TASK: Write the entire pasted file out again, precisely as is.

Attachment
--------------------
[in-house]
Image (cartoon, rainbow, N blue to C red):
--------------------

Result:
[in-house]
Image (cartoon, rainbow, N blue to C red):